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Currently I'm checking some client and server software and I wish to expand the testing coverage for it. Specifically I want to increase the quality of the load and stress testing that is performed so that it better reflects user usage.

To this end I've been looking at JMeter, however I've encountered an issue. Unlike a web browser, the client does not have support for using a proxy. This presents the problem that JMeter can't monitor the communication between the two systems to build up the test data.

Possibly JMeter provides for this very scenario, however it's not been obvious in the documentation that there is any facility for this. Although I have some ideas on how to approach this I can't be the first to have encountered this issue, so I'm putting the question out there: how best would you solve this issue?

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Have you seen this: jakarta.apache.org/jmeter/usermanual/…? For load testing, JMeter usually takes the place of your client. In the past I've had to write the steps in the test manually. –  Berin Loritsch Apr 6 '11 at 16:37
    
Yes thanks, I've read that and then some. To clarify, I'm aware that JMeter acts as a client; however JMeter has the ability to record the data transferred between client and server during a session, and then create tests based on what the client sent (albeit with some manual work). I could create / add to this data manually, but if I can record the data then it'll save hours of work. But if I must... BTW, this is exactly how JMeter would act when using a web browser. –  Paul McCabe Apr 6 '11 at 19:17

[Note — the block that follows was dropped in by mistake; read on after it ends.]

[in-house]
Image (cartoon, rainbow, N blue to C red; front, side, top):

Have you considered using Selenium to record/playback the interactions? If so, you can use BrowserMob browsermob.com/performance-testing to perform the load testing. Here's someone who actually used the combo: eviltester.com/index.php/2010/03/04/… –  Berin Loritsch Apr 6 '11 at 19:35
    
It's an idea. It's used elsewhere for testing interaction on a different interface, but it would suffer the same problems (arguably more) in that the limitation isn't in the tools themselves, but with the lack of proxy setting ability in the client. The crux of the problem is that the requests from the client terminate at the test tool (assuming it is the server rather than just a proxy). –  Paul McCabe Apr 6 '11 at 20:04
    
Ok, are you saying that there is a proxy server in between your JMeter instance and the server under test? Or are you saying you want JMeter to be the proxy? The reason that I suggested Selenium is that they have the Firefox plugin that extends the browser to generate the scripts for you. That's assuming you want the second behavior. In the first option, you are looking at something like this: testingminded.com/2010/04/…;. Maybe the choice of words is what's causing my confusion... –  Berin Loritsch Apr 6 '11 at 20:28
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1 Answer

up vote 1 down vote accepted

I discovered two methods that answer my own question; one of which is generic, the other specific to Java applications.

As the client that I was working with is written in Java, it is possible to set proxy details on the command line:

-Dhttp.proxyHost=proxyhostURL
-Dhttp.proxyPort=proxyPortNumber
-Dhttp.proxyUser=someUserName
-Dhttp.proxyPassword=somePassword

The Java VM automatically added proxy information to all network traffic from the client, allowing communications to be sent through JMeter and the session to be recorded and replayed back later. (rather than the client communication terminating at JMeter itself as was the original problem)

The second method was to create a small application that intercepted the client network traffic and inject the proxy information into the requests before it reached JMeter.

Both of the above methods worked.

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